Many search engines store your history on their servers for a period of time. A similar process applies to commands that are conducted through voice assistant devices, such as Amazon Echo and Google Home. Voice activated assistant devices are connected to the internet and merely getting information from the same search results that other devices display on their screens, similar to a computer. The information we request via voice is stored in the servers of the device just like any other search queries are stored.
Instead of typing your search on a computer, laptop, or tablet, you speak directly to the home device, Google Home or Amazon Echo. But keep in mind that just like your computer collects data, so do the voice activated devices. They store the content and the recording of your voice on their servers. All the commands you verbally request to Google Home go to Google’s servers and are stored there for more than a year. While Alexa on Amazon Echo does not go through a traditional search engine, it uses Amazon’s servers to store your commands. Both Google and Amazon keep a log of your requests, they are encrypted and stored on the companies respective servers. All communication to and from the home device is encrypted, to protect sensitive information.
The situation is a bit different with Siri. Siri does not log the searches that are run through it in the same manner as traditional search engines do. The information is logged, but the logs are only is associated with a random string of numbers. This makes it much more difficult to trace, as the searches are not associated with your name or IP address.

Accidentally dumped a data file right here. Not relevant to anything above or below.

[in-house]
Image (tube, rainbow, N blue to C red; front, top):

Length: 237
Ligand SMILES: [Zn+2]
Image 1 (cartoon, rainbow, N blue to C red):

Do you have privacy at your own home?
The bottom line is that voice activated devices store your information. The question is, are the voice activated devices always listening to your conversations? How much privacy do you have at home? Amazon Echo and Google Home are listening to you at all time. They are listening all the time to hear the wake word(s). However, nothing is sent to the servers of a search engine or sent over the internet unless one gives the “wake” word(s). The specific “wake” word varies depending on the particular voice assistant that you are using. “Alexa” is the default wake word that the Amazon Echo listens for commands.”OK Google” is the Google default wake term.
In conclusion, the voice command devices listen to your home conversations but the information is not stored, only the data that follows the wake words is kept on file. According to Google’s data security and privacy page, “Google collects data that’s meant to make our services faster, smarter, more relevant, and more useful to you. Google Home learns over time to provide better and more personalized suggestions and answers.” Once we introduce Google Home to our homes, we are granting permission to Google to invade our privacy. The next question would be, will Google or Amazon share my information with others? Amazon released a statement stating, “Amazon will not release customer information without a valid and binding legal demand properly served on us. Amazon objects to overbroad or otherwise inappropriate demands as a matter of course.” We really don’t have much control over the data that is stored on the servers.
How Secure Are Voice Assistants From Hackers?
However, it is unlikely that the device could be used as a listening device by hackers. While it is not impossible, there are many built in security measures that would make the situation unlikely. Even if your network were to be compromised, it is unlikely that the hacker(s) would be able to get into your voice assistant. A high level of encryption is used that protects it from being compromised.
The only situation where the information from voice assistants could be easily compromised by hackers is if hackers were to get into the servers of a search engine. However, this is not an impossible scenario given the number of hacks that major companies have suffered. Still, the data that is stored by search engines is relatively secure compared to many other websites on the internet.